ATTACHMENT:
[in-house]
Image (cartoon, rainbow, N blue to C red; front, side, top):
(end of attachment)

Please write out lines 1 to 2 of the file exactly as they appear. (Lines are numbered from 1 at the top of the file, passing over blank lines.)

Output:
[in-house]
Image (cartoon, rainbow, N blue to C red; front, side, top):